Tom Turner of the McGuire Centre for Lepidoptera and Biodiversity, University of Florida and Vaughan Turland, Research Associate, Windsor Research Centre, Jamaica, explained the lifecycle of the Blue Swallowtail Protographium marcellinus, which is found in just four sites where its foodplant Black Lancewood Oxandra lanceolata grows in low rainfall limestone habitats. The tree is over-exploited for poles to support yam vines, and nurseries are needed. The butterfly should be classified as critically endangered and protected through engagement with landowners and training of wardens.
Jaret Daniels, also of the McGuire Centre, introduced the only butterfly federally listed as endangered in the USA, Schaus’ Swallowtail Papilio (Heraclides) aristodemus ponceanus. Populations fluctuate dangerously in Florida’s few remaining tropical hardwood hammocks where the rutaceous foodplants Torchwood Amyris emelifera and Wild Lime Zanthoxylum fagara are found. Captive breeding with hand-pairing has succeeded and with wild releases exceeding 1500 individuals since 2014 and additional support for habitat restoration, the future of the subspecies is brighter.
SBBT’s Mark Collins explained that the British Swallowtail Papilio machaon britannicus, confined to seventeen reedbed sites together with its Vulnerable foodplant Milk-parsley Thysselinum palustre, is threatened by sea-level rise and an invading subspecies. Sea-level rise would change large areas of reedbed to saltmarsh and the currently well-protected sites may not survive such inundation. Climate warming encourages European mainland P.m. gorganus to migrate to the UK, where it has been recorded on the south coast. A strong flier able to breed on many common species of Apiaceae, P.m. gorganus may eventually out-compete its reedbed cousin. Transfer of P.m. britannicus and its foodplant to newly restored wetlands further inland is a possibility.
Simona Bonelli, University of Turin, said that the Southern Swallowtail Papilio alexanor suffers from habitat loss and illegal collecting on calcareous slopes of Italy’s Maritime Alps. The larvae feed on Apiaceae and modelling has identified twelve areas suitable for population enhancement and habitat restoration, including in quarries. To be sustainable, such measures require greater awareness in local people, landowners and tourists, with butterfly trails and information panels made available.
Richard Bennett of Mida Butterfly Farm on Kenya’s coast described how 500 community butterfly farms in the region supply 100,000 captive-bred pupae per year to exhibits in the UK, USA and Europe. Several years’ research and training are needed to prepare for export. Fifty species are currently made available, including eight swallowtails. Breeding cages are designed to provide near-natural conditions. The Emperor Swallowtail Papilio ophidocephalus requires a 5m circular cage with carefully controlled shade, humidity, predation and parasitism. The industry helps community development and builds respect for the natural environment.
Andre Freitas and Augusto Rosa of the University of Campinas explained that Brazil’s Action Plan for Lepidoptera includes 71 elements, twelve of them for swallowtails. Of Brazil’s 67 swallowtails ten taxa in eight species are threatened. Two subspecies of Papilio (Heraclides) himeros have disappeared from haunts around Rio de Janeiro as has the highly endangered Parides ascanius and the Parides mimics Mimoides lysithous harrisianus and M.l. sebastianus. Parides klagesi is scarce in the Amazon basin; Parides tros danunciae is a rarity of the Atlantic forests; in riparian forests Parides panthonus castilhoi is local while CITES-listed Parides burchellanus is endangered and the poorly known Parides bunichus chamissonia has few remaining colonies. More information is needed on localities, populations, behaviour and foodplants of Brazil’s rich swallowtail fauna.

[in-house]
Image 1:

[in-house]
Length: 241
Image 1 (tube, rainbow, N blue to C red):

In the live discussions, a number of themes common to the swallowtail conservation effort arose.
- Information on the natural history and conservation status of many species remains inadequate, particularly in South America, Africa and Southeast Asia.
- Where there are known to be threats, the protected areas system is all too often inadequate, with little or no regard paid to swallowtails or, indeed, to any other insects.
- Total habitat loss through agriculture, deforestation and other impacts is a major concern, but gradual degradation of habitat through over-use and climate change is also a problem.
- Climate change is impacting swallowtails through sea-level rise, ecosystem shifts and the encouragement of invasive species.
- Unsustainable collecting and trade require greater controls but a change in public attitude towards enjoyment of living butterflies will have greater impact.
- Engagement with local communities to enhance a sense of stewardship and encourage sustainable use such as ecotourism and captive breeding, will show clear dividends.
- Successful conservation will require a good understanding of sociology and the local economy in addition to an appreciation of the natural history of swallowtails.
- Swallowtail butterflies are worldwide, well-studied compared to many insects and attractive to the general public. They have great potential as conservation icons.
The Royal Entomological Society and several individuals contributed generously to the cost of the conference. Field projects reported from Australia, PNG, Fiji, Jamaica, Sabah and the UK benefited from SBBT grants. SBBT Trustees organised the conference voluntarily.